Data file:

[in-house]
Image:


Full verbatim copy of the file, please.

[in-house]
Image: